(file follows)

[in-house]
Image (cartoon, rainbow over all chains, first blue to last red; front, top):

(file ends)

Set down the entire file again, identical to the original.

[in-house]
Image (cartoon, rainbow over all chains, first blue to last red; front, top):